Seeking the Wilderness
It was the winter of 1970-71 and my new teaching buddies and I sat around the table in the Service-Hanshew JSHS faculty lounge, newly built in Anchorage. We were discussing how we wanted to experience the wilderness of Alaska. We were all newly hired to meet the educational demands of a large influx of children, coming to us because of the birth of the Alyeska Pipeline and the boom-time jobs that were being offered.
Exploring my new world, I drove north from Anchorage to McKinley Park (Denali now!) with my wife and baby, tent camping halfway into the park. Park rangers stood watch for undesirable wild life… mostly big brown bears. After one night, we drove to Wonder Lake and out. On the way back toward Anchorage, we did a 24 mile dirt road side trip into a lodge on Peter’s Creek Road. South of Denali, it was in God’s country. The road, deeply rutted and rocky, was barely passable with our Dodge station wagon. The road dead-ended at the lodge, a large two story log structure which wasn’t open at the time. A burbling trout stream sat at the dirt circle parking lot beside the building, with a few 50 gallon drum containers meant to hold refuse from fishermen who often frequented the spot. I tried my hand with a small lure, but it was late and fishing was not on the agenda that trip. No fish bit in the short time I cast into the rocky waters.
We were alone this time and enjoying the peace and quiet, only occasionally punctuated by Baby David’s presence. As the sun lowered behind the mountains, my wife looked around and said “I don’t want to sleep in a tent. There might be bears around and there are no Rangers!” While I wasn’t as fearful, I heeded her distress. We set up our tent, moved all the gear into it, put the baby in a laundry basket on the front seat of our Dodge station wagon, laid out a mattress in the back, and bedded down in our sleeping bags for the night.
Sure enough, there was bear. He was a medium-sized black bear, interested in the contents of the barrels outside. He muddled and snuffled around a bit, took a sniff at our car (“Canned people” was my wife's comment!) and left the area, probably still hungry.
I was thankful I heeded my wife’s warning. But… she refused to tent camp again.
So I entered the above discussion with one thing in mind: a cabin. Several of my fellow teachers also liked that idea.
The State of Alaska, only 12 years old at the time, decided to assist its residents. All we needed to do was to look in certain State-designated areas, travel to a chosen spot, put down stakes in four corners, and we could then file to own up to 20 acres of free land. Called Open to Entry, this program appealed to us as one answer to “Where?”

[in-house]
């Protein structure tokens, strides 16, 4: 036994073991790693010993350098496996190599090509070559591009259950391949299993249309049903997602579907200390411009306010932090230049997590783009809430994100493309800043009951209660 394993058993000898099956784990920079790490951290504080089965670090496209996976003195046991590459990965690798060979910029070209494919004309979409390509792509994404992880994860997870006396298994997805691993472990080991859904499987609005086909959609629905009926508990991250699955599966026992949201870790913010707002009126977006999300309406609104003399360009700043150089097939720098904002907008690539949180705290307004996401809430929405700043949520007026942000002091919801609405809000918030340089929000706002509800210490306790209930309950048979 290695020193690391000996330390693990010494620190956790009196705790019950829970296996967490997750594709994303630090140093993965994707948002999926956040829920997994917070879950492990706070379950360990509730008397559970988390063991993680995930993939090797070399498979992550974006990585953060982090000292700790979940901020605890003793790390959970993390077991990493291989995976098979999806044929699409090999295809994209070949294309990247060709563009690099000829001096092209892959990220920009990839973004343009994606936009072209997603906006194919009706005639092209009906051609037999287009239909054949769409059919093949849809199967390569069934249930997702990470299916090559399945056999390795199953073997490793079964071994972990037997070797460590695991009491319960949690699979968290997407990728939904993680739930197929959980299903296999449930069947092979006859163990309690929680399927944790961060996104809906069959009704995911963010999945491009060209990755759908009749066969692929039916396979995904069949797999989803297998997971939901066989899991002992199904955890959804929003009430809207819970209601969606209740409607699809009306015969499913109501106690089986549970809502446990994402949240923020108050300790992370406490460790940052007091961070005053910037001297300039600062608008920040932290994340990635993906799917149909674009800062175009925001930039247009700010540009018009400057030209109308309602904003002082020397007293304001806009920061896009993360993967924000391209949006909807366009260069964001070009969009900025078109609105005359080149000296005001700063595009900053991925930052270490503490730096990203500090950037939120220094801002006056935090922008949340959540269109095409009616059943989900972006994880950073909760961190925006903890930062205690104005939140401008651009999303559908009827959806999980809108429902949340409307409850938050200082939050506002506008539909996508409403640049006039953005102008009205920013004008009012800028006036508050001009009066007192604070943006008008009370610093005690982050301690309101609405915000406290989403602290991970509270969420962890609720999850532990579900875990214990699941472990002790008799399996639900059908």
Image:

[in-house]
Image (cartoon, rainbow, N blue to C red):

Our first mapping exploration located a beautiful lake halfway to Denali. It was an easy hike off the Alaska Railroad, which would stop for travelers living in such places. Several of us were ready to make a pilgrimage to the spot, but as we inquired, we discovered that the upper, dry side of the lake, was partially staked already. Further discussion with State officials revealed that the parties claiming that property were NOT friendly. They had staked enough area to “own” the whole lake and had reportedly fired warning rifle shots toward would-be participants in the Open to Entry program.
We abandoned that plan.
One of our group later staked a claim nearer to Willow, famous for housing Sarah Palin’s family.
However, in early spring, he discovered it was largely swampland, not suitable for building. He abandoned his claim.
Meanwhile, I found a source through the Federal Government, an entity that owned most of Alaska. The U.S. Forest Service maintained the Chugach National Forest area on the Kenai Peninsula, an area with its northernmost section adjacent to a small community called Hope, Alaska. This area was reachable by dirt road and included a group of about 30 one-acre lots that could be leased for $99 a year on a one-hundred-year lease. The lease could be obtained by signing a contract that involved Federal approval of plans for building a cabin on the lot. The Government provided covenants and rules for the owners that meant keeping the area as pristine as possible. I liked that since it meant we would not be butt up against yahoos with rusty garbage cans filled with alcohol containers and junk cars beside shacks. There were some controls.
I met with one of my lounge friends who happened to be the shop teacher in our high school. Wayne was a talented carpenter and had been a California contractor in his past. We discussed what I needed, and Wayne not only designed a plan for a small, modified A-frame cabin, but he also assigned his students to build a scale-model of it so I would understand the structure and what would be needed to build it. I took Wayne’s plan and completed a ream of Federal paperwork. The model was perfect!
The plan was submitted and approved. I now “owned” the property in the forest just outside of Hope Alaska!
But it needed to become a reality.